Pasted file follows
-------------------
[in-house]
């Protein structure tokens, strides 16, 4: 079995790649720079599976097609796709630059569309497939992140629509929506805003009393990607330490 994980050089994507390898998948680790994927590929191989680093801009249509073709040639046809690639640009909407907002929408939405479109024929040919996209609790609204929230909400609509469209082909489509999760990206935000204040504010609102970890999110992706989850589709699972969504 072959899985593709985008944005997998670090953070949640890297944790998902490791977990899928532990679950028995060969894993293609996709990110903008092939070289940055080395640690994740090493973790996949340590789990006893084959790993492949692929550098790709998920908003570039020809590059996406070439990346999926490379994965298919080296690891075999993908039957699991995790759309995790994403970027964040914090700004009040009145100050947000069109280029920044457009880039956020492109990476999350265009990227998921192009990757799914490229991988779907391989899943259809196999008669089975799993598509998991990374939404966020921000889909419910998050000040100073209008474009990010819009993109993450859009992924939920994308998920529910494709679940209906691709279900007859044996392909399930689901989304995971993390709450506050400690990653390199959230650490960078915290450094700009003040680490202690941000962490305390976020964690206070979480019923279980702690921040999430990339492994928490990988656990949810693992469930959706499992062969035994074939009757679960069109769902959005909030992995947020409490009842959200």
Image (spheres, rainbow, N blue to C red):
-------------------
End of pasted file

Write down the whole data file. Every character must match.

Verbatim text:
[in-house]
């Protein structure tokens, strides 16, 4: 079995790649720079599976097609796709630059569309497939992140629509929506805003009393990607330490 994980050089994507390898998948680790994927590929191989680093801009249509073709040639046809690639640009909407907002929408939405479109024929040919996209609790609204929230909400609509469209082909489509999760990206935000204040504010609102970890999110992706989850589709699972969504 072959899985593709985008944005997998670090953070949640890297944790998902490791977990899928532990679950028995060969894993293609996709990110903008092939070289940055080395640690994740090493973790996949340590789990006893084959790993492949692929550098790709998920908003570039020809590059996406070439990346999926490379994965298919080296690891075999993908039957699991995790759309995790994403970027964040914090700004009040009145100050947000069109280029920044457009880039956020492109990476999350265009990227998921192009990757799914490229991988779907391989899943259809196999008669089975799993598509998991990374939404966020921000889909419910998050000040100073209008474009990010819009993109993450859009992924939920994308998920529910494709679940209906691709279900007859044996392909399930689901989304995971993390709450506050400690990653390199959230650490960078915290450094700009003040680490202690941000962490305390976020964690206070979480019923279980702690921040999430990339492994928490990988656990949810693992469930959706499992062969035994074939009757679960069109769902959005909030992995947020409490009842959200």
Image (spheres, rainbow, N blue to C red):